Global events will shape economic and fiscal policy here

For any naïve fool who may have believed that this year’s general election might be characterised by economic and fiscal prudence, these are indeed worrying times.

Election promises are coming thick and fast, and the so-called fiscal space is being stretched to its very limits.

Sinn Féin produced a very wide-ranging and comprehensive election manifesto this week, but as with the others, its coherence is totally based on very favourable economic winds over the next five years.

Amongst other things, Sinn Féin is promising to abolish water charges; abolish the local property tax; the exemption of 277,000 workers from the USC net; an increase in employer’s PRSI to 15.75% for earnings over €100,000; a reduction in tax benefits for pension contributions; and a 7% addition to the tax rate for earnings in excess of €100,000. On the expenditure side, major promises are being made on health, education, and — somewhat ironically — on law and order.

The problem is that it is not at all clear how this package and the rest can be funded.

The first three tax measures above will cost over €1.1bn, while the 7% proposal will bring in only a fraction of this.

Of course, this is to ignore the impact of the tax increase.

Why would anybody of ability and/or high levels of educational attainment and skills possibly want to live in a country where they would effectively be actively discriminated against by a government that clearly regards them as a species to be reviled rather than appreciated?

People do respond to incentives, and if the incentives are stacked against them, many will react in a predictable manner.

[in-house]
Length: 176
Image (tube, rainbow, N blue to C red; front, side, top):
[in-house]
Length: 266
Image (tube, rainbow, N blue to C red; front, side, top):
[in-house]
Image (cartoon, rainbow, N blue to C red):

Can we afford to lose people of ability, who are typically the ones who create the jobs and take the entrepreneurial risks in the economy? I think not and I certainly hope not.

This measure, along with the PRSI increase will deter employment creation. Sinn Féin is, of course, returning to the old chestnut of retrospective recapitalisation of our banking system.

In general, I find it difficult to make the Sinn Féin package add up from a financial perspective, and Sinn Féin’s package is not unique in that regard.

Of course, it all depends on the assumptions that are made about the fiscal space.

The fiscal space is basically the amount of money left to play with once the various fiscal commitments on borrowing, debt, and expenditure are adhered to.

Unfortunately, the concept of fiscal space is, like most economic concepts, deeply problematical and totally dependent on the assumptions one makes.

It depends on the level of economic growth, the nature of economic growth, the structural characteristics and sustainability of tax revenues, and future spending obligations.

The one thing that should be clear to any sensible person is that the concept of fiscal space is not an exact science, and to base an election manifesto on it is pretty braindead in my humble, and possibly flawed, opinion.

Anybody observing what is evolving on the global scene should be extremely concerned by the auction politics that most of our political system seems to be engaging in at the moment.

Equity markets have had a catastrophic start to the year, with the Chinese market already 22% down; the Irish market is down almost 16%; the UK Ftse 100 is down almost 15%; the US S&P 500 is down almost 13%; and Germany’s Dax has shed almost 12%.

Ten-year bond yields in Japan are in negative territory and the German government can now borrow for 10 years at a rate of 0.2%.

One might be tempted to conclude that these extraordinary market developments are only of interest to financial market nerds, but the reality is that they reflect ongoing very serious global economic imbalances that date back to the beginning of the ‘great recession’ in 2007.

What is really of concern is the fact that the markets have effectively lost confidence in the ability of policymakers to sort the problems.

This global backdrop is scary and should be top of the agenda for our political auctioneers.

Voters should remember, that there is a high probability that most of the political promises will not be capable of being delivered and vote accordingly.

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